Papa John’s earned #1 ranking among limited-service (aka fast-food or QSR) restaurant chains in the just-released 2012 American Customer Satisfaction Index (ACSI) results for the category.
Papa John’s’ score of 83 (up 5.1% versus last year) was the highest-ever by a brand within the limited-service category — and it tied the score of 2012’s #1 full-service restaurant chain, Red Lobster. (ACSI’s full-service chain rankings were also just released.)
In fact, QSR chains’ overall satisfaction score rose 1.3%, to 80, even as full-service chains’ overall score declined 2.4% — putting them also at 80. This is the first time the two types of chains have had the same average score.
“This bodes well for fast food and should be a warning signal for full service,” observes analytics-driven customer feedback supplier CFI Group, whose platform employs the ACSI data. “The quality of the fast-food experience is improving, according to diners. Add to that the industry’s ability to price low in a weak economy, and it seems a safe bet that fast food will make further inroads into the traditional restaurant business.”
Among QSR chains, Subway (covered by ACSI for the first time this year) and Little Caesar (+2.5%) follow Papa John’s, with 82 scores.
The rest of the rankings: Dunkin’ Donuts (79); Pizza Hut (78); Wendy’s (78); Domino’s Pizza (77); Taco Bell (77); Starbucks (76); KFC (75); Burger King (75) and McDonald’s (73).
Pizza Hut’s score declined by 3.7%, but it’s still in the top five, and still beating all of the burger chains, notes CFI.
Dunkin’, also being tracked for the first time, is three points ahead of Starbucks, which saw its score drop by 5%. (The satisfaction of Starbucks’ loyal fans is being dampened by rising prices, according to CFI.)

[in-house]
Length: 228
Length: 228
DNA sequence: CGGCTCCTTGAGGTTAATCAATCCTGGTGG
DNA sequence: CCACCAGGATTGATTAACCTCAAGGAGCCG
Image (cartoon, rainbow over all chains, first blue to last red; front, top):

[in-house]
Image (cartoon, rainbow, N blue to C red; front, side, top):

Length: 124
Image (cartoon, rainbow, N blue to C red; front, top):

Wendy’s (+1.3%) is clearly outperforming Burger King (unchanged) and McDonald’s. But thanks to its expanded menu, remodeled stores and quality coffee, McDonald’s’ score is up 1.4% and at an all-time high (it was at 59 as of 2000, one of the lowest scores across all categories tracked by ACSI).
To justify their higher costs with ever-more-selective and frugal consumers, full-service restaurants have to distinguish themselves from one another, as well as from the much-improved QSR experience, points out CFI.
Outback Steakhouse, with an 81 score (flat with last year’s), is closest to Red Lobster’s 83 (+1.2%), followed by Olive Garden at 80 (down 2.4%).
Applebee’s debuts on the ACSI this year with a score of 77. Chili’s Grill & Bar, which has been at the bottom of the pack for several years, saw its score drop by 3.8% this year, to 76.
Consumers want a quick-and-easy way to identify products that are better for themselves and the environment, according to research firm Mintel.
About 40% of U.S. consumers say they look for symbols on the menu that denote an item is healthy, like a picture of a heart; and more than one-third (34%) of moms say they are spending more time than last year reading nutrition labels at the grocery store.
“Consumers are looking for shortcuts,” Lynn Dornblaser, Mintel’s director of innovation and insight, said in a presentation at the Food Marketing Institute Show in Dallas earlier this month.
If a product contains natural ingredients, they should be clearly explained on the package in an ingredient statement, she said. Method is doing just that with its Squeaky Green laundry detergent. The ingredient statement explains that the product contains “surfactants,” but then goes on to explain that they are derived from coconuts.
What’s more, retailers and manufactures need to understand “wellness” has a broad meaning to consumers. It goes well beyond dieting.
As examples, Dornblaser (right) cited Kroger’s private-label “Wholesome@ Home-brand” chilled macaroni and cheese, and Physicians Formula Organicwear 100% natural origin mascara.
Consumers are looking for eco-friendly products. Nearly two-thirds (65%) of consumers said they bought a food/beverage with a claim on the package because they wanted to support brands that are helping the environment, according to a Mintel study.
Consumers respond well to products that are good to environment, but don’t require much of a change to their habits, she said.
Seventh Generation caters to such shoppers with its new Natural 4X Laundry Detergent, Dornblaser said. The product is packaged in a pouch located inside a bottle made from 100% recycled fiber. The entire packaging system (fiber bottle, pouch, spout and cap) uses 66% less plastic than a typical 100-ounce 2X laundry bottle — while delivering the same number of loads, according to Seventh Generation.
While it’s critical to tap into the wellness trend, retailers need to be careful not to overstep their bounds and come off as trying to tell consumers what to do.
“It’s important to be a partner with consumers; not a dictator,” she said.